So in times of crisis a company can become a cultural operator even when it’s in a sector that is suffering the most…
What Giulio just said is awesome in my opinion, because the enlightened aspect of the consumer is what distinguishes all our group. It’s the idea not continuing along the path of wanting more and more – what economists call The Law of Diminishing Returns: the more you have the less satisfied you become. The answer is for the consumer to become more informed and distinguish what’s actually really good and consequently to spend less. It’s really all down to health and well-being – two concepts which are inseparable.
Absolutely. I don’t know about in the textile industry but certainly in the food industry we say that ‘what’s good does you good, while what’s bad does you ill’. We need to be able to understand more about exactly what we’re eating and drinking – that is really fundamental.
Seeing how your companies are looking to create networks, could cultural factors be one of the import reasons behind the need to create networks?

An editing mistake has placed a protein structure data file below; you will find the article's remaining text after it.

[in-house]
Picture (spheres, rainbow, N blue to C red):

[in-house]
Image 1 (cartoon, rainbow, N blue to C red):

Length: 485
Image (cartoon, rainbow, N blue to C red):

For sure. For me Exclusive Brands is one of the most important associations to which our company belongs. Besides the fact that we are a network of friends, above all there are two important components to take into account: on one hand there’s the regional aspect – the fact that we are all from Piedmont, which has its own landscape and culture, but also an industry which needs to stand alongside the elements which define the manifestations of its local culture; on the other hand, there are industries that can absorb some of the worst and most obscure aspects of capitalism and globalisation. The fact of having short supply chains and putting quality before anything else guarantees that the final product will have value and will be appreciated. This at the same time as ensuring that the skills and traditions we have are not lost. I believe in both Giulio’s and my case we need to ensure that we pass on our skills and heritage to those who join us, or the will be gone. New ideas and innovations can be brought into the company, but skills need to be nurtured and maintained.